Muzzles, parrots and lifejackets: the uneasy objectification of the face mask

As lockdown eases and face coverings become mandatory in certain situations, Harriet Barratt uses object relations theory to consider the emotional responses that the mask engenders.

I am sitting on a bus in early July wearing a cloth face mask with a hand-drawn parrot on it. It’s exhibitionist, and beautiful, and cost over the odds. I’ve tied it too tight, and it’s making my right ear throb; I have a slight sense of asphyxiation, just enough to feel surreptitiously panicked. Having only recently returned to public transport, I’m glad the mask is there. I also resent it. Each person who gets on, a mixture of masked and unmasked, is immediately enmeshed in this tiring, new dance of noticing and interpreting and judging one another’s choices.

So much of our public discourse to date, both anecdotal and administrative, has focused on the face mask. Initially tied up with supply shortages and quality grades, these early responses have spored out into overlapping emotional, political and cultural concerns – Do I really need to do this? How many layers make you a responsible citizen? Can I really just cut up a sock, and are mine anywhere nice enough to display? Conservative protestors in the US, following historical precedent, claim that mandatory mask-wearing constitutes an infringement of their civil rights and bodily autonomy. This is despite the inherent contradiction with the same political stronghold’s support for strongly instrumentalised health policies such as abortion control (as multiple Tweeters put it, ‘oh, NOW, it’s “my body, my choice”’). Public health commentators draw a direct parallel with common responses to that other contested barrier method, the condom: ‘I don’t like the way it feels/smells/looks’; ‘Going without just this once can’t hurt’; ‘Real men don’t wear them’. Parodists have been quick to respond on social media, with one posing as a Titanic passenger who complains that a lifejacket hinders him using his arms, ‘and it looks kind of girly’.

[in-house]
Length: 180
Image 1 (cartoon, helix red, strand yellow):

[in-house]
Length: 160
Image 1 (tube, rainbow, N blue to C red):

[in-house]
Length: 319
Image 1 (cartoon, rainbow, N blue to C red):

Emotional responses to medical objects are always contingent upon mood and context. It is perfectly possible to feel deep gratitude for your blood glucose monitor one day and to begrudge its perpetual presence the next.[1] People name their portable oxygen tanks, and even dress them up, then relinquish them for improved models. Prosthetic limbs become both trusted friends and tiresome obstacles within the same mental landscape.[2] Equally, our relationships with material objects are always implicitly political, tied up as they are with global production processes, with equality of access and income, and with a delicate matrix of social perceptions and behaviours. Donald Ihde writes that it is impossible to extricate the ‘microperceptual’ – how we respond to an object as individual bodies – from the ‘macroperceptual’, those huge sweeps of politics and culture which are mirrored in (and shaped by) an object’s uses and meanings.[3]